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Cancer nanomedicine calls for interdisciplinary research

25 Jan 2018 Tami Freeman
Robert Ivkov

The start of this year saw a new editor-in-chief take the helm at Convergent Science Physical Oncology (CSPO): Robert Ivkov from Johns Hopkins University. Throughout his career, Ivkov has worked in research fields ranging from physical chemistry to physics, biology to biotechnology, and most recently, nanomedicine. Ivkov’s experience in working across a wide range of disciplines is critical to his current research developing therapeutic magnetic nanoparticles. He also aims to apply this wealth of interdisciplinary experience to his new role at the journal.

Hot topic

Ivkov is investigating the application of hyperthermia – heating tissue to non-ablative temperatures – to help destroy tumours. Mild hyperthermia, heating to around 43 °C, inhibits a cell’s ability to repair DNA damage, such as that caused by radiotherapy or chemotherapy. More intense hyperthermia, heating to 43–47 °C, will also cause some cell death via apoptosis. From a physiological standpoint, heating boosts blood flow to the tumour, increasing oxygenation and enhancing the efficacy of radiation. “Depositing heat energy in the tumour is beneficial,” Ivkov emphasized. “Heat stress has a fairly significant effect on the biological processes of cells.”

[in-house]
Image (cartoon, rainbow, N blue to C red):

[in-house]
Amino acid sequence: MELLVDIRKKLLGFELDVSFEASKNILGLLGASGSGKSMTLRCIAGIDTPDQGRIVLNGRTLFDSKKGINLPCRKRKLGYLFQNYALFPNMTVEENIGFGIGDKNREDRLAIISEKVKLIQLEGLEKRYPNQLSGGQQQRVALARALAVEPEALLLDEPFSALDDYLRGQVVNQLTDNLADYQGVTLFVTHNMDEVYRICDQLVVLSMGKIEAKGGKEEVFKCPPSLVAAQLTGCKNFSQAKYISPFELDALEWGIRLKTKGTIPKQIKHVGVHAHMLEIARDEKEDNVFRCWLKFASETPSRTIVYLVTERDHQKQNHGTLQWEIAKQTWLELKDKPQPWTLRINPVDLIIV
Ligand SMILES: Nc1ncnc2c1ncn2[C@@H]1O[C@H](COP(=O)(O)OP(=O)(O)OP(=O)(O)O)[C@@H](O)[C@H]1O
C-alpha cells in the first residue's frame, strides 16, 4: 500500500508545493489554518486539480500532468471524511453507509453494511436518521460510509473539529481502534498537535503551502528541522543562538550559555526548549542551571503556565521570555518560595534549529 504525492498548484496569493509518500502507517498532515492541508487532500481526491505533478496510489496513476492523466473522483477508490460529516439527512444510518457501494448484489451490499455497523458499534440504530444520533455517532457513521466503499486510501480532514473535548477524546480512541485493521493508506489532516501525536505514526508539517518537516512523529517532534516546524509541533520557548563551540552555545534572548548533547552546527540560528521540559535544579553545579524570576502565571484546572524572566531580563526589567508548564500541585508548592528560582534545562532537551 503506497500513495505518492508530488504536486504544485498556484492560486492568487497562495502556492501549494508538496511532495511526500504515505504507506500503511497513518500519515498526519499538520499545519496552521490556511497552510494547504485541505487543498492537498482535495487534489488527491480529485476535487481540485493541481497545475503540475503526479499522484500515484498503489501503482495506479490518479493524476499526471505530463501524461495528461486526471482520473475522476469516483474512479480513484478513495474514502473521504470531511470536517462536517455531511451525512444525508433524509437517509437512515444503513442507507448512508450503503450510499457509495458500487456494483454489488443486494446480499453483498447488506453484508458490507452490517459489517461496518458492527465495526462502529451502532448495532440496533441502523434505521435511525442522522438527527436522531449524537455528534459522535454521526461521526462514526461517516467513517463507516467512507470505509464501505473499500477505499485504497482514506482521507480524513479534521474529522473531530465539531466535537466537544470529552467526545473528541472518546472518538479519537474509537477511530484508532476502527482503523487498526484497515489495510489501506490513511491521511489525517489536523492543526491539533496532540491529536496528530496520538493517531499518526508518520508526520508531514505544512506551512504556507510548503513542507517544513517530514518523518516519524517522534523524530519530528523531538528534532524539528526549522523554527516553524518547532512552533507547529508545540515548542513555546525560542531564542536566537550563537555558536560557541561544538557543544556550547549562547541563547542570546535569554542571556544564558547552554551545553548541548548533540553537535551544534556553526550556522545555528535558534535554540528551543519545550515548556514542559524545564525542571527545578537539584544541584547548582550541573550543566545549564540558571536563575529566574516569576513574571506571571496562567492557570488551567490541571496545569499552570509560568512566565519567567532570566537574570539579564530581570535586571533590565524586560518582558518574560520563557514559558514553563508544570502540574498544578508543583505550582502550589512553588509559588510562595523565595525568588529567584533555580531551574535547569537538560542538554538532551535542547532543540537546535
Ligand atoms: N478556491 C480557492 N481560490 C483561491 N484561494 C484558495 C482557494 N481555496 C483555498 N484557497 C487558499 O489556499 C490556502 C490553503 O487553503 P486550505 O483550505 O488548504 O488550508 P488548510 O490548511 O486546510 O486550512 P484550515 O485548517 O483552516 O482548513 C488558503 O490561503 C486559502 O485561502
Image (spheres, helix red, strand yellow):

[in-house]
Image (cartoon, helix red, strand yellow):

Depositing and controlling the heat delivered to a tumour, without overheating surrounding normal tissues, poses a challenge. Techniques such as microwave or laser irradiation, and high-intensity focused ultrasound, are under investigation for raising and maintaining tissue temperature. Another approach is to employ a material that has more efficient coupling with the energy source than surrounding tissue. Such a material will convert applied energy to heat more efficiently and generate significant localized heating. Ivkov is exploiting magnetic nanoparticles (MNPs) to do just that.

The idea is to deliver MNPs to the target – a fundamental problem in itself – and then couple magnetic energy with the nanoparticles to deposit heat inside the tumour. “With the MNPs, we exploit magnetic hysteresis, a well-known property of magnetic systems,” Ivkov explained. “When a magnetic material is exposed to an oscillating magnetic field it will generate heat through power loss, this is magnetic hysteresis heating, this is physics.”

A significant advantage of this approach is that magnetic fields are not attenuated by tissues and can penetrate deep into the body (in contrast with other nanoparticle-based heating schemes that use near-IR excitation). In addition, MNPs are inherently MRI contrast agents, enabling imaging of their location. Finally, MNPs have been used as clinical contrasts for over a decade, generating considerable knowledge as to their safety.

Nanoparticle targeting